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"I am the eye with which the universe
Beholds itself and knows itself divine;
All harmony of instrument or verse,

All prophecy, all medicine, are mine,
All light of art or nature; —to my song,
» Victory and praise in their own right belong."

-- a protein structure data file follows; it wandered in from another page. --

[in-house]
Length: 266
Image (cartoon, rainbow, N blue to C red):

§ 39. Diana (Artemis), twin sister of Apollo^ born on Mount Cynthus, in the island of Delos.i Latona, the future mother of Diana and Apollo, flying from the wrath of Juno, had besought, one after another, the islands of the .Aegean to afford her a place of rest; but they feared too much the potent queen of heaven. Delos alone consented to become the birthplace of the future deities. This isle was then floating and unstable ; but on Latona's arrival, Jupiter fastened it with adamantine chains to the bottom of the sea, that it might be a secure resting-place for his beloved. The daughter of Latona is, .as her name Artemis indicates,/a virgin goddess, the ideal of modesty, grace, and maidenly vigor.) She is associated with her brother, the prince of archery, in nearly all his adventures,1 and in attributes she is his feminine counterpart. As he is identified with sunlight, so is she, his fair-tressed sister, with the chaste brilliance of the moon. Its slender arc is her bow; its beams are her arrows with which she sends upon womankind a speedy and painless death. In her prerogative of moon-goddess she is frequently identified with Selene, daughter of Hyperion, just as Apollo is with Helios. Despising the weakness of love, Diana imposed upon her nymphs vows of perpetual maidenhood, any violation of which she was swift and severe to punish. Graceful in form and free of movement, equipped for the chase, and surrounded by a bevy of fair companions, the swift-rushing goddess was wont to scour hill, valley, forest, and plain. I She was, however, not only huntress, but guardian, of wild beasts, 4-mistress withal of horses and kine and other domestic brutes. She ruled marsh and mountain; her gleaming arrows smote sea as well as land. Springs and woodland brooks she favored, for in them she and her attendants were accustomed to bathe. She blessed with verdure the meadows and arable lands, and from them obtained a meed of thanks. When weary of the chase, she turned to music and dancing; for, the lyre and flute and song were dear to her. i Muses, Graces, nymphs, and the fair goddesses themselves thronged the rites of the chorus-leading queen. But ordinarily a woodland chapel or a rustic altar sufficed for her worship. There the hunter laid his offering — antlers, skin, or edible portions of the deer that Artemis of the golden arrows had herself vouchsafed him. The holy maid, however, though naturally gracious, gentle, and a healer of ills, was, like her brother, quick to resent injury to her sacred herds, or insult to herself. To this stern temper Agamemnon, Orion, and Niobe bore regretful testimony. They found that the " fair-crowned queen of the echoing chase," though blithe and gracious, was by no means a frivolous personage.